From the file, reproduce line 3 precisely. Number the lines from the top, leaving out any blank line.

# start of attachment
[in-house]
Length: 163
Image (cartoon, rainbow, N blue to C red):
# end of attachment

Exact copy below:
Image (cartoon, rainbow, N blue to C red):